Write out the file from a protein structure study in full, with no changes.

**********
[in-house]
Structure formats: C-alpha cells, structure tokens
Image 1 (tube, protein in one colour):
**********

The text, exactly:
[in-house]
Structure formats: C-alpha cells, structure tokens
Image 1 (tube, protein in one colour):